Virtual assistants and robots are becoming increasingly sophisticated, interactive and human-like. To fully replicate human communication, however, artificial intelligence (AI) agents should not only be able to determine what users are saying and produce adequate responses, they should also mimic humans in the way they speak.
Researchers at Carnegie Mellon University (CMU) have recently carried out a study aimed at improving how virtual assistants and robots communicate with humans by generating natural gestures to accompany their speech. Their paper, pre-published on arXiv and set to be presented at the European Conference on Computer Vision (ECCV) 2020, introduces Mix-StAGE, a new model that can produce different styles of co-speech gestures that best match the voice of a speaker and what he/she is saying.
"Imagine a situation where you are communicating with a friend in a virtual space through a virtual reality headset," Chaitanya Ahuja, one of the researchers who carried out the study, told TechXplore. "The headset is only able to hear your voice, but not able to see your hand gestures. The goal of our model is to predict the hand gestures accompanying the speech."
Humans typically have unique ways of gesturing as they communicate with others. Ahuja and his colleagues wanted to create a co-speech gesture generation model that takes these individual differences into account, producing gestures that are aligned with the voice and personality of speakers.
"The key idea behind Mix-StAGE is to learn a common gesture space for many different styles of gestures," Ahuja said. "This gesture space consists of all the possible gestures, which are grouped by style. The second half of Mix-StAGE learns how to predict gestures in any given style while being synchronized with the input speech signal, a process that is known as style transfer."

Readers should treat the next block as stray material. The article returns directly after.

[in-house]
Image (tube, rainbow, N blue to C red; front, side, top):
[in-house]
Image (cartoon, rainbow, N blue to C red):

Mix-StAGE was trained to produce effective gestures for multiple speakers, learning the unique style characteristics of each speaker and producing gestures that match these characteristics. In addition, the model can generate gestures in one speaker's style for another speaker's speech. For instance, it could generate gestures that match what speaker A is saying in the gestural style typically used by speaker B.
"We were able to teach a single model (i.e., with less memory involved) to represent many gestural styles, unlike previous approaches that required a separate model for each style," Ahuja explained. "Our model takes advantage of similarities between gestural styles, while at the same time remembering what is unique about each person (i.e., each style)."
In initial tests, the model developed by Ahuja and his colleagues performed remarkably well, producing realistic and effective gestures in different styles. Moreover, the researchers found that as they increased the number of speakers used to train Mix-StAGE, its gesture generation accuracy significantly improved. In the future, the model could help to enhance the ways in which virtual assistants and robots communicate with humans.
To train Mix-StAGE, the researchers compiled a dataset called Pose-Audio-Transcript-Style (PATS), containing audio recordings of 25 different people speaking, for a total of over 250 hours, with matching gestures. This dataset could soon be used by other research teams to train other gesture generation models.
"In our current research, we focus on the nonverbal part of speech (e.g., prosody) when generating gestures," Ahuja said. "We are excited about the next step, where we will include also the verbal part of speech (i.e., language) as another input. The hypothesis is that language will help with specific types of gestures, such as iconic or metaphorical gestures, where the meaning of the spoken words may be the most important."
More information: Style transfer for co-speech gesture animation: a multi-speaker conditional-mixture approach. arXiv:2007.12553 [cs.CV]. arxiv.org/abs/2007.12553
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